Like every other day, I check out my bank account to make sure everything is fine. Usually everything ends up fine, but yesterday wasn’t one of those days. Seeing a “-$490” dropped my jaw to the basement. Not the floor, the basement floor. How could this have happened?! My heart raced, oh what happened? Though it scared me, I needed to see what happened. I looked, and realized I shouldn’t be scared; I needed anger. And boy was I livid beyond extreme.
My monthly check I send to Sallie Mae for one of my many student loans was cashed. I’ve heard horror stories about people who set up automatic withdrawals from their bank accounts to their loan companies. So, most bills I pay online but with my student loans I take care that I sign the checks myself. Now, I realize why. They had cashed my $51.62 payment, and somehow between me sending the check and them depositing it, my check became a $516.62 check. I couldn’t believe what I was reading.
My first instinct was to call my husband to have him talk to the bank. My second instinct was to call them up and try being calm about being overdrawn as a result of their error. (Note: I did try being calm.) So I speak to a guy, obviously someone not in this country anywhere near the PA office I send my checks dutifully to. He comforted me, assuring me that he would start the process for a refund. A process for you to refund my money? You didn’t need to go through some lengthy process to steal my money, but I need to go through one to get it back? I fail to see the logic of this. If it took you 2 days to screw it up, I shouldn’t need to wait 10-20 days to get it fixed. This wouldn’t do.
Luckily, my bank is amazing. “Would you like to fill out an unauthorized withdrawal to get your money back today?” You bet I would. In fact, that would make me happier than you can imagine today. And with a swift sign of my name, every cent returned to my account. That wasn’t enough for me though, causing me to call the company back. I wouldn’t settle for less than a supervisor. I rescinded my refund with them, making sure I stated that my back was taking my money back from them. I also restated many times that this better not happen again. One can hope it doesn’t.
This led me to visit lovely Google to see if anyone else had this problem. Not surprisingly, thousands of posts on forums about how loan companies constantly screw over the people they lend to. Luckily I can afford my payments, though I’m well aware that paying them monthly doesn’t reduce the payments at all. It’s abhorrent they get away with this. I don’t think anyone likes that they can pay loans their entire life, to not be able to even dent your loan amount. Sorry, not your loan amount, the obscene amount that ends up after you get the loan when they tally up interest. And these are the companies that needed the bail outs.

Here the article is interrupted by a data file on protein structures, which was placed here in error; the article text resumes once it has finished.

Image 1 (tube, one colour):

It’s sickening that I have a $25,000 loan with one company, which really ends up being far more than that as interest. Even worse, I don’t even remember agreeing to a Sallie Mae loan. I feel ripped off. I feel like my money is stolen from me only worse; they can legally do this to me. It’s heartbreaking to see some of these people and their stories. They can’t get a job, and let’s face it, not many can in this economy; but now they have student loans that they can do absolutely nothing about but get harassed. You can’t file for bankruptcy to get rid of them. You really can’t do a thing to make them act less cruel. You can’t really do anything about them. They can just do what they do, and keep doing it because no one will stop them.
In reading all this, I came across this website (http://www.studentloanjustice.org/ ) and read about how they want to make the public aware of this. To me, this is a grassroots organization worth following. I don’t care about paying my loan. I care that they can steal money, and screw up credit without repercussions, even if the person didn’t do anything wrong. I also care that when you want help, all you get are rude people who don’t listen to you. Hell, I would’ve even just taken an apology for them and their $500 screw up.
That’s when it hit me. It’s not just about the idea of being robbed blind helplessly; a lot has to do with the people robbing you. It seems to leave less of a bitter taste in your mouth when the person at least apologizes, and not making you feel like you did something wrong. Maybe if they showed some sort of compassion of how they ruined your day and how maybe they need to be calm instead of rude or snotty sounding. Customers want to know that someone is listening without them having the urge to yell to get heard. Especially if those customers are well aware of the fact that no one will regulate the companies that are essentially scamming them. I would like to see a thief steal stuff from your house, and turn it around on you saying “maybe you shouldn’t have nice things, and I wouldn’t steal them”. The thieves wouldn’t get away with it, why should these loan companies.
I understand, the reason these companies make money is the large amount of interest you have to pay. I understand that any loan has interest on it. I’m not an economy major, but I know the reality. But somehow, car loans stay in business and you don’t look at your bill going “well, I started off with a $20,000 loan and now I end up with a $40,000 one”. And if you can’t pay it? They either repo your car or you file bankruptcy and keep it. You don’t get this option for student loans, and that seems vile to me.